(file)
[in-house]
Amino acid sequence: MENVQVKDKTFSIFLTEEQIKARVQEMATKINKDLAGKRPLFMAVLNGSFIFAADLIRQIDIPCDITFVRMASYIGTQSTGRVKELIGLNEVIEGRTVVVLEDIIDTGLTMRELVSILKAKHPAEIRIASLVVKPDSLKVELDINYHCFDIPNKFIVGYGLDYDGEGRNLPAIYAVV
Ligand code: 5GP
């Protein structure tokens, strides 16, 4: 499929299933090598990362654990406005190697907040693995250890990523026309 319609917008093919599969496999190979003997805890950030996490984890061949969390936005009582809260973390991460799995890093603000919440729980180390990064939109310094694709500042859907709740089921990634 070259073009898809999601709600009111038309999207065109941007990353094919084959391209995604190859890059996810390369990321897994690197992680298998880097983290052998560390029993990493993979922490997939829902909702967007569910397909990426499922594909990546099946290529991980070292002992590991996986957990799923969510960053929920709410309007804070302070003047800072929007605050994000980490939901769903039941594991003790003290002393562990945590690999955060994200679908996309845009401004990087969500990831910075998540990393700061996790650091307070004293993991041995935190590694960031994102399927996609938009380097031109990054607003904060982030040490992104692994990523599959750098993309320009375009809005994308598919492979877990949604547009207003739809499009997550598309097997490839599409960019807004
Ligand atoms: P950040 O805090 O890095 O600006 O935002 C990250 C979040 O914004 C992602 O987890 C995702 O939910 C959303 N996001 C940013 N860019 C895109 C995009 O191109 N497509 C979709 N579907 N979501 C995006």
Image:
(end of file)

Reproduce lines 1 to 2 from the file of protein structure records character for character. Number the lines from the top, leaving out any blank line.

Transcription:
[in-house]
Amino acid sequence: MENVQVKDKTFSIFLTEEQIKARVQEMATKINKDLAGKRPLFMAVLNGSFIFAADLIRQIDIPCDITFVRMASYIGTQSTGRVKELIGLNEVIEGRTVVVLEDIIDTGLTMRELVSILKAKHPAEIRIASLVVKPDSLKVELDINYHCFDIPNKFIVGYGLDYDGEGRNLPAIYAVV